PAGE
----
Of his polyrhythmic tendency, Fripp says, “In African culture or Balinese culture, our approach would be strange. Polyrhythms are only peculiar to a culture which is utterly based on 4/4.

“My cultural base is European. With Bartok, for example, you’d say, ‘Well, he’s polymetered up the wazoo.’ But his music is all taken from folk songs.


“If one looks at folk music around the world, from our vantage point, it’s complex. But from the vantage point of the people doing it, that’s what you do. It’s not complex unless you think about it. It’s rather like riding a bicycle.”

In the 25 years of his active duty, Fripp has created a series of fairly unique musical situations and organisms. And while Fripp can be an imposing presence by himself, in his mind, it’s the situation that matters:

“If I’m in a group, whether it’s Sunday All Over the World or King Crimson or the League of Crafties or the League of Gentlemen, or if I’m contributing to someone’s record, I’m not listening to what the guitarist is doing. I’m listening to the entire piece.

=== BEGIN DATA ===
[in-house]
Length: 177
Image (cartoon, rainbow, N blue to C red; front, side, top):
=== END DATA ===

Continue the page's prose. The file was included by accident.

“However, I think it’s true to say that many of the musicians I’ve worked with only concern themselves with themselves. It’s a terrible thing to say, but I could cite case and chapter and bring out examples, live records, studio recordings et cetera, which would demonstrate the point.”


Fripp continued: “My concern is always the overall, and the relationship between the parts and the whole. The part reflects the whole and the whole the part, and so on. My concern is not establishing a construct for myself to demonstrate flying fingers.”


Robert Fripp String Quintet, Tuesday at the Anaconda Theater, 935 Embarcadero Del Mar, Isla Vista. Information: 685-3112.